Old English gylt "crime, sin, moral defect, failure of duty," of unknown origin, though some suspect a connection to Old English gieldan "to pay for, debt," but OED editors find this "inadmissible phonologically." The -u- is an unetymological insertion. In law, "That state of a moral agent which results from his commission of a crime or an offense wilfully or by consent" [Century Dictionary], from early 14c. Then use for "sense of guilt," considered erroneous by purists, is first recorded 1680s. Guilt by association recorded by 1919.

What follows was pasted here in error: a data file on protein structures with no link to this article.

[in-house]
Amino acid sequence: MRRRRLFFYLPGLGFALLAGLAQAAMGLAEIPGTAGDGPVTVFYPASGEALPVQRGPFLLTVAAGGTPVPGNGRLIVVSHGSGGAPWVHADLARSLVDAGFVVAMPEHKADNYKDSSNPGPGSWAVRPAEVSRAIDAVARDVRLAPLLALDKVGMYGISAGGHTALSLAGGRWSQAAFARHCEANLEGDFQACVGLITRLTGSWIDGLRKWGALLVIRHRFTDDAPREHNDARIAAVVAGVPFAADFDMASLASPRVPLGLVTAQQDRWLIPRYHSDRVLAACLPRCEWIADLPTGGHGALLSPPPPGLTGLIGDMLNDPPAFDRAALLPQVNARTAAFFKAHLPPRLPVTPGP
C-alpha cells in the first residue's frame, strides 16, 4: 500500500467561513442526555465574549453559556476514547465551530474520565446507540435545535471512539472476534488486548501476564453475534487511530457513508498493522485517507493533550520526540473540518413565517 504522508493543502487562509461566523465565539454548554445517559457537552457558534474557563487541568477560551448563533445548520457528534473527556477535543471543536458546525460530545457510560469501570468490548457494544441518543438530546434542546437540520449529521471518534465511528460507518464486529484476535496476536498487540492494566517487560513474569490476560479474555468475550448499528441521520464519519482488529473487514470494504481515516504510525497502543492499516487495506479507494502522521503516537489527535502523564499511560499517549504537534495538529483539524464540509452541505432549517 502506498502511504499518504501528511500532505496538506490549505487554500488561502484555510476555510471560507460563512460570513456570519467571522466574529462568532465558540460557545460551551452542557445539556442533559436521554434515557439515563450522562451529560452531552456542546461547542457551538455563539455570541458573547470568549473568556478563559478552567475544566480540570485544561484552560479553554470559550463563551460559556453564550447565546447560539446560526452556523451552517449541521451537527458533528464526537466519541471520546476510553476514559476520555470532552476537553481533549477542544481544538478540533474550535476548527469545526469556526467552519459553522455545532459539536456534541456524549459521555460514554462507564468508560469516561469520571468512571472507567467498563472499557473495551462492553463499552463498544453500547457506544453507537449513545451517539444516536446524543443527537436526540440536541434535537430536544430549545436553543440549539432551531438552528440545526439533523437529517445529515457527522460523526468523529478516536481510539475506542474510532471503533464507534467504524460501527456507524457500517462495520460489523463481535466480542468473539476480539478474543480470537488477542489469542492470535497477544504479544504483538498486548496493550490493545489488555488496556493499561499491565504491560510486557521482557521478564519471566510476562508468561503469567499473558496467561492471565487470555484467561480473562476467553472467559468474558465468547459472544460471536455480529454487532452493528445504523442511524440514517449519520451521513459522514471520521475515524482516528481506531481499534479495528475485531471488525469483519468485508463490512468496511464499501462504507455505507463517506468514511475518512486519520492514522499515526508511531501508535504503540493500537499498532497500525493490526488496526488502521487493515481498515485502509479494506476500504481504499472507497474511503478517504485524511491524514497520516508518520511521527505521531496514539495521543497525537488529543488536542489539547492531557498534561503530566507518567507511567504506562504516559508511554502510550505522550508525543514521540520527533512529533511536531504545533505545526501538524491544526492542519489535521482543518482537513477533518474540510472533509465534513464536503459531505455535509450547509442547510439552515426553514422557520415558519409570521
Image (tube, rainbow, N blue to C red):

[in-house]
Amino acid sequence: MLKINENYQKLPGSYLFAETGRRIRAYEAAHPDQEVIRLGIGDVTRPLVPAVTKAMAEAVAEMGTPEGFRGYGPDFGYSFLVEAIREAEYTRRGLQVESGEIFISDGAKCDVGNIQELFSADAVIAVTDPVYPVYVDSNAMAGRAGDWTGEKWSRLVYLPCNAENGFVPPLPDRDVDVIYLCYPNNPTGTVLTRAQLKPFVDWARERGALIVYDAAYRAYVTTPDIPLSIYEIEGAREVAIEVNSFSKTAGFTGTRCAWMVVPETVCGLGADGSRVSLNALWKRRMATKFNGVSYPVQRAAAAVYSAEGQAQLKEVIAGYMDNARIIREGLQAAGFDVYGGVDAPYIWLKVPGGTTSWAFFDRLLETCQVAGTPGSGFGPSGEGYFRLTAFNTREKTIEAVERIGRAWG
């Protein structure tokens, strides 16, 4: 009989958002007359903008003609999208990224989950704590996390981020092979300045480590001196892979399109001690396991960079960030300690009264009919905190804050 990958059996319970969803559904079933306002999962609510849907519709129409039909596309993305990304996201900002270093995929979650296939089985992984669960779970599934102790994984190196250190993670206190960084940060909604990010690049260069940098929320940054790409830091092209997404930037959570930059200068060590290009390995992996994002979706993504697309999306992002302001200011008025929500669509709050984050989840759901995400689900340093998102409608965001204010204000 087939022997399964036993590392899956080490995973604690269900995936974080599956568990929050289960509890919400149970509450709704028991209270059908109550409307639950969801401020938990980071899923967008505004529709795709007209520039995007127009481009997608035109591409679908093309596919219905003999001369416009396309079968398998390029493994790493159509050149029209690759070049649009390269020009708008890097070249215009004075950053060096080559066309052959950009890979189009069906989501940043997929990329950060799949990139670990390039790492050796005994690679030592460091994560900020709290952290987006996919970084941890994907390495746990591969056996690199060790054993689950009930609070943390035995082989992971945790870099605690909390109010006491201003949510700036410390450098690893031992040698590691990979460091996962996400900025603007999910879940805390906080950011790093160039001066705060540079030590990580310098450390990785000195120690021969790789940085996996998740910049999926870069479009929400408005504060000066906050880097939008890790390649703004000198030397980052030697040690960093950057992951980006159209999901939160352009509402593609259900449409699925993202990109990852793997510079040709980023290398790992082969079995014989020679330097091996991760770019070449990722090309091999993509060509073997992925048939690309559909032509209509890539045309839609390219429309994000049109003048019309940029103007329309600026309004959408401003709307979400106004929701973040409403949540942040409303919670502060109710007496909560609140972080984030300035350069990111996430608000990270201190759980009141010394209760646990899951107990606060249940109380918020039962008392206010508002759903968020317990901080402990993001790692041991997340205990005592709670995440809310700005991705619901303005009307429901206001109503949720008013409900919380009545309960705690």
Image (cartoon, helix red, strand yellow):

"to influence someone by appealing to his sense of guiltiness," by 1995, from guilt (n.). Related: Guilted; guilting. Old English also had a verbal form, gyltan (Middle English gilt), but it was intransitive and meant "to commit an offense, act criminally."